As many of you are aware, for over twenty-five years the once-small, Chicago-based company Cedille Records has been quietly producing some of the best-sounding discs around, mostly of solo and small-ensemble artists. Add this 2004 release to their large and ever-growing collection of recordings you may want to pursue. It's a collection of Spanish piano music played by Mexican pianist Jorge Federico Osorio, and like most of Cedille's productions, ace engineer Bill Maylone recorded it.
|Jorge Federico Osorio|
Of course, there is always the definitive interpretation of Albeniz's score by Alicia de Larrocha (Decca) to consider, but not even she is any more passionately graceful than Osorio in this piece. Natually, this is not to suggest that Osorio isn't up to the big, explosive passages, too. He displays fine, gymnastic drive in the famous "Asturias" movement, for instance. It's just that his forte appears to be the articulation of the composition's inner beauty.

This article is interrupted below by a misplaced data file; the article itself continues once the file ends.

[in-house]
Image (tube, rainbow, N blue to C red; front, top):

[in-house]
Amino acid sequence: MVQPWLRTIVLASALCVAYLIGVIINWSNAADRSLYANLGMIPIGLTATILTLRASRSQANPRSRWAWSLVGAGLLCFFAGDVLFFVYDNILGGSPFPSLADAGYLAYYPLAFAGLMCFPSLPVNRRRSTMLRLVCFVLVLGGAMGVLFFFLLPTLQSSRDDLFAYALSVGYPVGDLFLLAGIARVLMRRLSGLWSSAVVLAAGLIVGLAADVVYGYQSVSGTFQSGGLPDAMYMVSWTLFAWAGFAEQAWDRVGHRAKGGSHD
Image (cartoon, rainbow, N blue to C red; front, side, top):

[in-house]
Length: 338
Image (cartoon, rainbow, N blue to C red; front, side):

The other music on the disc is almost equally distinguished, Manuel de Falla's Piezas Espanolas, Enrique Granados's Danzas Espanolas, and four piano sonatas by Padre Antonio Soler. But for me it was the Albeniz that stood out; that and Cedille's sound for the piano. It's sweet, lush, and well defined, with a rich, golden glow around each note. It's really quite lovely and well complements Osorio's musical style.
To listen to a brief excerpt from this album, click on the forward arrow: